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Rent to own- How does it work?

Typically perspective tenants can have a portion of their monthly rent payment go towards a down payment for the home they are currently renting and plan on buying.  Rent to own options are good for those that are looking to stay in the home they are currently renting. It is also an option if you have less than good credit and need to be able to build your credit through renting.

When you rent to own the tenant signs an agreement with the owner of the home that will allow for the home to be leased with the option to buy the home later some owners prefer two to three year options. The monthly rental payment also includes the additional payment for the down payment of the home. Some owners may require a larger security deposit and be willing to add that to the down payment but that does depend on the rental agreement.

The rental agreement will state how long the rental lease is for, the amount of rent that is towards the down payment and the amount of the security deposit that is toward the down payment. The lease agreement should also state the home purchase price. That said before your lease ends it would be beneficial to get preapproved with a mortgage before the lease is up to ensure that you can afford the home. If for some reason you cannot get preapproved then the lease terms may be null and void.

For my house we (owner and I) came up with a rental agreement of a $1500 security deposit, rental payments of $1000 a month with $300 per month going towards the down payment, the lease length of three years and the purchase price of $150,000. This meant that at the time the lease was up there was 12,300 for down payment over the three years, which allowed for a 12 percent down payment of the purchase price.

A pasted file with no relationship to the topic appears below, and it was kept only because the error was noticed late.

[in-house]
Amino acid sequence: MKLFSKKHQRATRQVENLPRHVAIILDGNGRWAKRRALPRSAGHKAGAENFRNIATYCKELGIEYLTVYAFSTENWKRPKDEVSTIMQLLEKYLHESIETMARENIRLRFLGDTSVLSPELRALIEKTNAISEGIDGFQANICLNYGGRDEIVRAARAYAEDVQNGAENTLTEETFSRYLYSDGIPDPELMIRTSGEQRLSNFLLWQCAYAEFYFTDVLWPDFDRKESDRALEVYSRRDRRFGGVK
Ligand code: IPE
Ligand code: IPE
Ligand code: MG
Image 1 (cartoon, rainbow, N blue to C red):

If you are only using a 3.5 percent option then looking into a FHA loan may be a good option for you but I was able to get a conventional loan with my 12 percent down. That said having the preapproval from the mortgage company provided insurance to what all of the options that the perspective owner may have.

If for some reason you are not able to be preapproved and are unable to afford this home you can ask the owner if you could continue to rent the home without the rent to own option or to continue but modify the rent to own lease that you currently have with them. Anytime the rent to own lease is modified it is advised that you have an attorney look over the lease to clarify both parties responsibilities.

A major benefit to using a rent to own option is that all of your housing plans are in place. Meaning you do not have to move unless you want to but renting to own does limit your options on that so be cautious when fully deciding whether to just rent or rent to own. Another benefit is that renting to own allows you to build your credit and repair your credit. Credit scores and reports are a big factor when trying to get a mortgage and the rate that you will get as well as the amount you will qualify for so it is better to have your credit monitored and repaired before the lease is up.

Another good credit booster is asking your landlord/ home owner to report your rental payments to the major credit agencies. This along with making your payments on time can boost your credit score as well and does look good on a credit report.

All in all depending on your situation rent to own may be a good fit for you if you really enjoy the house you plan on renting and do not wish to move. If you need to build credit to buy a home later on and are comfortable with the rental agreement and payments.